|Parents and Learning (IAE - IBE, 2000, 36 p.)|
Identifiable patterns of family life contribute to a childs ability to learn in school.
Research on the curriculum of the home isolates specific patterns of family life that correspond with a childs success in academic learning. Specifically, studies have positively linked certain family practices with a childs learning. These family practices are listed here under three headings that will each be elucidated in later sections of this booklet.
THE PARENT/CHILD RELATIONSHIP
· Daily conversation about everyday events;
· Expressions of affection;
· Family discussion of books, newspapers, magazines, television programmes;
· Family visits to libraries, museums, zoos, historical sites, cultural activities; and
· Encouragement to try new words, expand vocabulary.
ROUTINE OF FAMILY LIFE
· Formal study time at home;
· A daily routine that includes time to eat, sleep, play, work, study and read;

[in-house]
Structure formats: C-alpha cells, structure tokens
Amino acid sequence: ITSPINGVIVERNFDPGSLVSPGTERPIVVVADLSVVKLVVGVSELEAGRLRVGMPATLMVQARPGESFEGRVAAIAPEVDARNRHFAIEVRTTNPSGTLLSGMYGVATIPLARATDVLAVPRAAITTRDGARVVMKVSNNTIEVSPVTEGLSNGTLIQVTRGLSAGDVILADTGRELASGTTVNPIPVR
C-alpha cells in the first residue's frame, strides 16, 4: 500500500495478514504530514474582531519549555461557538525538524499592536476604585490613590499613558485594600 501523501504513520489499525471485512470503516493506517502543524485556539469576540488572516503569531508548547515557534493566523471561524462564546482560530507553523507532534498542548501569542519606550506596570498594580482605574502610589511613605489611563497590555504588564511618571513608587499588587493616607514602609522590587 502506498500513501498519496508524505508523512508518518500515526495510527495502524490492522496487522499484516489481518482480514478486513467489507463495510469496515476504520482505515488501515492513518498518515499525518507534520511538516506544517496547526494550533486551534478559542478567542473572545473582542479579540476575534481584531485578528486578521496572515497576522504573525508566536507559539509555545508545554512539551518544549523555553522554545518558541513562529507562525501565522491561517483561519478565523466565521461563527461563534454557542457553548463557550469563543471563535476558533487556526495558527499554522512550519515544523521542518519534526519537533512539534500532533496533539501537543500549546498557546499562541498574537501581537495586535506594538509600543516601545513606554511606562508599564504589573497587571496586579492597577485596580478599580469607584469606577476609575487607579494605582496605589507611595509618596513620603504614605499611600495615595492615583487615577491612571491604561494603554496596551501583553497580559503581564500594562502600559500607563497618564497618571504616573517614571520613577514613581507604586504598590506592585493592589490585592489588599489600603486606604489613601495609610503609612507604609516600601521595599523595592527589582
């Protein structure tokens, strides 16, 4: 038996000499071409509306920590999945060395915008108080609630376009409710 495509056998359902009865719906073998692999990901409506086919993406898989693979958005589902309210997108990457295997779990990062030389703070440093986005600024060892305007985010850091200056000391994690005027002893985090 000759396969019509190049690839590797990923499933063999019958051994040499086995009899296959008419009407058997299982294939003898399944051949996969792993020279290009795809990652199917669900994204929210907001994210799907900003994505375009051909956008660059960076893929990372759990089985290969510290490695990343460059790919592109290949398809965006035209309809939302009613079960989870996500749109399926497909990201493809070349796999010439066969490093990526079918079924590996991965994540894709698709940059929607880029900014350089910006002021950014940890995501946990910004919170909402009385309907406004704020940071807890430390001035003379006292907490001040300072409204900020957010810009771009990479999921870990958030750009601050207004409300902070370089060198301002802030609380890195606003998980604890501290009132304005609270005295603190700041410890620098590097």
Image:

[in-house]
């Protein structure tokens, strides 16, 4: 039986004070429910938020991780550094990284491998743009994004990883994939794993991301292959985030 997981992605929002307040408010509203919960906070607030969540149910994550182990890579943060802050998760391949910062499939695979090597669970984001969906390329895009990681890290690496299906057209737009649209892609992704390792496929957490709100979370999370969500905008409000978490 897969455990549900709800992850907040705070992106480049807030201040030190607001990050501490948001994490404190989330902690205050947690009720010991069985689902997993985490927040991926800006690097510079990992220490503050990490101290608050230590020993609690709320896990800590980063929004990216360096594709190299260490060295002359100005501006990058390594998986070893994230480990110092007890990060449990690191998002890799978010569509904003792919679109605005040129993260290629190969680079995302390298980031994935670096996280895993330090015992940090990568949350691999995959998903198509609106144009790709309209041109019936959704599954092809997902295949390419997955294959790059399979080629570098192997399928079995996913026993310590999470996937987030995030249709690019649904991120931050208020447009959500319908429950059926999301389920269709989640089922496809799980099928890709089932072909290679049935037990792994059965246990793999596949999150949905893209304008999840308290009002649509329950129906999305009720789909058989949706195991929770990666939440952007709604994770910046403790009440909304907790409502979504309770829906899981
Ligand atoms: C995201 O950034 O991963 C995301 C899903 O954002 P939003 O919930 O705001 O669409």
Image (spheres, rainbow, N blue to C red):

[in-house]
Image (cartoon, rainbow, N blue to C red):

· A quiet place to study and read; and
· Family interest in hobbies, games, activities of educational value.
FAMILY EXPECTATIONS AND SUPERVISION
· Priority given to schoolwork and reading over television and recreation;
· Expectation of punctuality;
· Parental expectation that children do their best;
· Concern for correct and effective use of language;
· Parental monitoring of childrens peer group;
· Monitoring and joint analysis of televiewing; and
· Parental knowledge of childs progress in school and personal growth.
When a child comes to school prepared by attitude, habit and skill to take the fullest advantage of the teachers instruction, the teachers own effectiveness is enhanced. Because we know that children learn best when their home environment includes the patterns of family life itemized above, it becomes the schools task to assist parents in providing a positive curriculum of the home. Encouragingly, the family practices included in the curriculum of the home are possible in nearly every home, regardless of the parents level of education or socioeconomic status.
References: Applebee, Langer & Mullis (1989); Bloom (1964, 1981); Dav1963); Dolan (1981); Graue, Weinstein & Walberg (1983); Keeves (1972); Marjoribanks (1979); Walberg (1984); Wang, Haertel & Walberg (1993); Wolf (1964).